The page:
Eating with our Tribe
I’m not a psychologist, but I have a theory about why we are so quick to jump into the latest diet craze. I believe that it is based on a very primitive instinct. A need so strong that it surpasses willpower, common sense and good judgement. It is the need to belong. Once upon a time we were tribal people and belonging to a group was necessary for survival. There was safety in numbers. Being part of a tribe meant doing what the tribe did, going where it went, wearing what it wore and eating what it ate. Food and its associated traditions are attached to every race, religion and culture that exists.
In ancient times part of our earliest training would have been to seek out and prepare food to feed ourselves and others. Of course, in days gone by, the foods we ate would have been based on regional and seasonal availability. (A necessity back then, albeit a concept probably worth revisiting today, but that's a whole other subject...)
It wasn’t just the accessibility of the food however, that was programming our natures. It was also the culinary traditions of our tribe that drove the requisite to belong even deeper into our psyches. Ceremonial foods, tribal rituals and holiday meals all had a way of weaving their way in and around our emotions, making the need to eat with others a very real condition. How many times have we wanted something to eat but hate the idea of eating alone? We stand and gaze into the refrigerator or stare blankly into the cupboards. All the while, we are trying to figure out who we can call that might be available to go out with us and get a bite to eat. Think of all the anxiety we can feel over missing a holiday dinner with our family, how we wistfully remember Sunday dinner at Grandma's house or the peace we experience after receiving holy communion. Yep, our relationship with food goes very, very deep. Deep enough to invoke, for better or for worse, very real emotions.
I also believe there is another reason why we have a psychological need to eat with others. One of our very first interactions with other human beings is the act of sharing food . Within minutes of being born we are welcomed into the world by being wrapped up in a warm blanket and given something to eat. Food is an integral part of our first social experience. Is it any wonder we associate food with comfort and emotion? Yes, our need to belong and to share food with others is a very profound and multifaceted yearning that was imprinted upon us at birth and concealed deep within our very being. I believe it is perfectly natural to seek out people to break bread with, whether the bread in question is healthy for us or not. Our bodies, our very cells, have been programmed for eons to eat with the tribe. And, the nature of primitive life would have dictated that we ate whatever the tribe ate…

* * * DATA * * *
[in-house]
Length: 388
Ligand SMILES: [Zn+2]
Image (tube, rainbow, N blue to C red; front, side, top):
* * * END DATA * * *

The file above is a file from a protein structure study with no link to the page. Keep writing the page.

This need to be part of a group has followed us into our modern lives and we now find ourselves being ‘branded’ by marketers looking to make a fortune off of our most basic nature. Modern diets are not necessarily making us healthier, but they do usually make us feel guiltier if we aren’t complying with them. And perhaps on a subconscious level, we feel like we are deviating from our tribe.
So lets skip the latest fad diet that promises the moon and probably only gives you a twinkle or two. Release all of the anxiety that is associated with trying to eat healthy in an unhealthy world. Today I am offering you a couple of new recipes that I used when I was transitioning my family over to "health food". I hope that you enjoy them. Perhaps they will inspire you to recreate some of your existing family favorites into deliciously, healthier versions. Either way, join me in releasing the tension and guilt of modern marketing and let’s eat with our tribe!
1 lb. extra firm, organic tofu 1 – 2 T. wheat free tamari
1/3 cup green onions, chopped 1 ½ tsp. onion powder
½ c. grated carrots ½ tsp. curry powder
¼ c diced red peppers (optional) ½ tsp. cumin
2 – 3 T. nutritional yeast ¼ tsp. garlic powder
2 T. extra virgin olive oil ¼ tsp. turmeric
Freshly ground black pepper to taste
Slice tofu into ¼ inch slices and wrap in a clean, kitchen towel. Place a heavy weight on top and let it sit for about 15 to 20 minutes to squeeze out the excess water. This gives the tofu a texture closer to scrambled eggs.
Heat the oil in a skillet over medium heat. Add the onions and lightly sauté for 1 – 2 minutes. Add the spices and continue to sauté for another 1 – 2 minutes. Crumble the tofu into the skillet. Stir to mix the spice mixture thoroughly with the tofu. Add the tamari and nutritional yeast and mix well. Heat through. Season with pepper if desired.
1 banana, sliced 2 – 4 date rolls, chopped
1 apple, cored and chopped 1 T. golden flax seeds (ground)
½ c. raisins, soaked ½ c. almond cream *
¼ c. unsweetened, shredded coconut cinnamon to sprinkle
Place the fruit, ground flax and coconut in a bowl. Top with cashew cream and sprinkle with cinnamon.
½ c. cashews (soaked)* ¼ - ½ tsp. vanilla
¼ c. almonds (soaked) * 1 – 2 c. water
6 – 8 pitted dates ** 1 – 2 T. honey (optional)
Place the nuts in a blender and using a high speed process until finely ground. Add water and blend to the desired consistency. Less water makes it creamy, more water makes it more milk-like.
Alternately you can use all cashews or all almonds.
* To soak the nuts, place in a jar and cover with purified water. Place a sprouting screen or towel over the nuts and let sit for 8 hours or overnight. Drain the nuts, then rinse with fresh
water and drain again.
** I particularly love Medjool dates for this recipe.